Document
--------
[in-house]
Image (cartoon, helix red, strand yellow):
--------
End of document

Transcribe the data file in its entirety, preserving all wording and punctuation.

[in-house]
Image (cartoon, helix red, strand yellow):